How to Become a Famous Mental Health Writer/Blogger

How to Become a Famous Mental Health Writer/Blogger

September 9, 2013 Bipolar blog writing

One could argue that I am a famous mental health writer. Under “mental health writer” on Google, a post I wrote is on the first page and my bipolar blogs are on the first and second page of the Google search results for “bipolar blog.” Moreover, I have over 35,000 followers on Twitter, Facebook and Google+.

So yes, I’m arguably a “famous” mental health writer.

And lots of other people want to be where I am. I get questions weekly from people starting blogs or writing careers who want advice on how to go about doing it. Well, if you want to be a famous mental health writer, or just plain old build a following, here are a few tips.

1. Know your stuff.

I know bipolar disorder. I know bipolar backwards and forwards. All I do is read about it, mostly in medical sources. I am, without a doubt, a bipolar expert. You can’t expect people to take you seriously if you’re not a subject matter expert. (How to be a mental health advocate.)

2. Bring something unique to the table.

Now, when I say you need to be an expert, that doesn’t mean you have to be a mental illness expert – you might just be an expert in your life with a mental illness (which is how I started). And, of course, your life is completely unique to you, so good news – you’re bringing something unique to the table. Your voice also needs to be authentic and unique.

Successful Blogger3. Produce great writing.

I’m sorry, but if you want to be a famous mental health writer or blogger (bloggers do not get off the hook here) then you have to start out being an amazing writer, there is just too much competition for anything less. Spend your time honing your craft, take courses, read books, do whatever it takes but if you want people to read you, you have to be worth reading. (This means good grammar and spelling too. Hire an editor if you have to.)

4. Have something to say.

It’s not enough to bring a unique perspective and be a great writer – you also have to have something to say. What is your lens? What is your perspective? What are you trying to say through your writings? What will a person gain by reading you? Essentially you need to offer the reader a value proposition. I.e., if you read me, you will attain ___. (Here are some tips on having a well-read blog.)

5. Make social media work for you.

The reason why I’m a “famous” mental health writer is because I gained a large following on social media. Now, I’m a social media consultant, so if you really want to know how to do it, just hire me. If you don’t want to do that, then read up on social media and use it to your advantage. Get on Facebook, Google+ and Twitter. Grow your own following and connect with other influencers that can help.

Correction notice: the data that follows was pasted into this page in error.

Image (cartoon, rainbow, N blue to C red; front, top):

6. Write for reputable sites.

I’m not known for writing for dead tree publications; I’m known for writing online. Some people might not like that. That’s okay, feel free to specialize in traditional publications if you like but the thing is, the turnaround time on those is long and there are a lot fewer of them to pitch. On the other hand, one can get monthly gigs working for well-regarded sites like HealthyPlace and Healthline and it can do wonders for audience building.

7. Promote yourself like crazy.

When I first started writing I hated to promote myself, and guess what, my audience numbers reflected that. Now I know that promotion is essential and I’ll promote myself whenever the opportunity arises and my social media network is explicitly there to promote my work.

8. Don’t expect to make a living as a “famous” mental health writer.

Now, I break this rule because I do make my living as a writer but, trust me, it’s a very tough thing to do and I don’t recommend it unless you really want to put a substantial amount of time and effort into it. (And you’ll likely never do it just being a blogger.) If you really have your heart set on it, great, but more than likely you’ll just have to be happy being “famous” among a few and garnering great feedback from thankful readers (which, trust me, is a pretty great thing).

9. Invest in armour.

Oh, and did I mention not everyone will like you? Oh yes, I get death threats. Trust me, if you work in the mental illness space and you achieve any degree of fame, people out there will have something to say about it. Invest in armour early because they will attack you personally and professionally.

10. Learn what not to say.

Learn this right now: everything you have ever said on the internet will live forever and will be findable if someone really wants to look for it. That means that anything you say will haunt you – forever. This has bitten me on more than one occasion and continues to do so, so take my advice and choose your words very carefully. (Also, get the lay of the political correctness land. You may disagree with it but it’ll help you in the long run.)

Bonus tip: It takes time.

Getting to be a famous mental health writer takes time and you can’t expect to get there in a day, week, month or probably even a year. It comes down to time and effort and you have to spend a substantial amount of both if you want a sizable audience.

Tips on Being a Famous Mental Health Writer

Those tips on being a famous mental health writer are just what fell off the top of my head. There are, in fact, many things to know about it and you’ll learn as you go. If you take heed to those ten tips though, you’ll be way farther along than I ever was.

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